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A funny-moving story enjoyably retold with classic British understatement and just the right twist at the end, The Duke is the account of an incredible true event from 1961, when a man from the working-class north of England climbed through a bathroom window into London’s National Gallery one night and stole a valuable painting of the Duke of Wellington by Francisco Goya. His motive was charity.
The fact that the perp is a lovable old head-in-the-clouds social reformer played by Jim Broadbent and Helen Mirren is his brooding, resentful wife gives the incident, directed by Roger Michell of Notting Hill and My Cousin Rachel fame, a deeper satisfaction. Though television plays a key part of the plot and will no doubt be where The Duke finally comes to hang on the wall, Michell keeps the action theatrically fast-moving and the mood free. This out-of-comp Venice premiere is being released in UK cinemas in time for the BAFTA awards and could hit the spot for those who love a cheery English comedy with social overtones.
Wittily written by screenwriters Richard Bean and Clive Coleman, the tale feels like a cross between a post-war Ealing Studios comedy and a sunnier Ken Loach. Michell keeps it light, so that even the threat of a long prison sentence doesn’t dampen the otherworldly social idealism of 60-ish hero Kempton Bunton (Broadbent), a fired taxi driver who wants to reform English society.
It all begins with a small rebellion. Bunton refuses to pay the universal TV license fee on the grounds that he has removed the BBC wiring from the family’s ancient TV set. When busted by the BBC police (or whoever the two officials who turn up in his living room are), he prefers to spend a fortnight in jail rather than budge on his principles. Foolish perhaps, but Bunton immediately endears himself with his stand.
In a dirt-poor section of Newcastle, the Buntons eke out a living with their grown sons Jackie and Kenny. The boys apparently flit in and out of trouble with the law, which surprises no one, given the setting. The most sensible member of the family is frau Dorothy (Mirren). Despite the family’s economic straits, she keeps the hearth going with her work as a housemaid for Mrs. Gowling (Anna Maxwell Martin), a society lady of liberal views. In her crimped hair and big glasses, Mirren gives the sharp-tongued, resentful Dorothy interest and depth, but she’s not the focus of the story.
That would be Broadbent’s Bunton, a homespun Yorkshire philosopher who campaigns on street corners for free public TV for the poor. Against a jazzy shot of trash-ridden streets and the smoking factory chimneys of a Yorkshire town, Bunton climbs on his soapbox, megaphone in hand, assisted by his loyal post-teenage son Jackie (Fionn Whitehead). But the only signature they can get in support of free TV is Mrs. Gowling’s. Despite his good intentions, he loses one job after another because he stands up to the disrespect and racism of his bosses. In a Chaplin-esque scene in a bakery, we watch bread loaves fall off a conveyor belt while he pontificates.
A great fan of Chekov and a self-taught playwright (book on desk: How to Write a Play) with years of rejection letters from the BBC to prove it, he uses his writing as therapy to process the death his daughter Marian, who was killed at 18 on a bicycle he gave her. He blames himself and Dorothy refuses to confront the tragedy, so that the two have grown apart with the passing years.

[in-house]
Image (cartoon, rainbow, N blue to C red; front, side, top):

Then they hear the news that the National Gallery in London has paid 140,000 pounds for Goya’s portrait of the Duke of Wellington, and unbeknownst to Dorothy, a plan is hatched to “borrow” the painting to finance free TV licenses for the poor and elderly.
Two days in London whizz by in a montage of archive images from the 60s that appear in drop-down windows that looked mod at the time, while George Fenton’s cheerful score bubbles with playfulness. Though Bunton fails to see any decision-makers at the BBC and gets thrown out of Parliament when he unfurls a protest banner, by the time he returns home he’s in possession of the Duke. Jackie helps him hide it in an upstairs closet, and Dad mails a ransom note from a nearby town. You don’t have to know details of the story to guess the outcome. Scotland Yard and the Home Office suspect “the Italians,” despite getting a totally accurate profile of the thief from a handwriting expert. They never catch him.
But when an unexpected event forces Bunton’s hand, he returns the painting in person and faces the music in court. Represented by aristocratic barrister Jeremy Hutchinson (a cool Matthew Goode), the accused takes the stand in an exhilarating trial scene out of Brecht. Finding himself in the national spotlight, including in the pages of the Daily Mirror (“the workers’ paper”), he touts the worth of Everyman, much to the joy of the public gallery and, it should be said, the audience.
Understatement and off-handedness remain the key to the film and even if the trial leaves one a little choked up and teary, there is still a great gag to come: the scene from Dr. No in which James Bond is startled to see a certain painting in the antagonist’s living room. Now we know why he looks so surprised.
Production company: Neon Films
Cast: Jim Broadbent, Helen Mirren, Fionn Whitehead, Matthew Goode, Anna Maxwell Martin
Director: Roger Michell
Screenwriters: Richard Bean, Clive Coleman
Producer: Nicky Bentham
Co-producer: Michael Constable
Director of photography: Mike Eley
Production designer: Kristina Milsted
Costume designer: Dinah Collin
Editor: Kristina Hetherington
Music: George Fenton
Venue: Venice Film Festival (out of competition)
World sales: Pathe International
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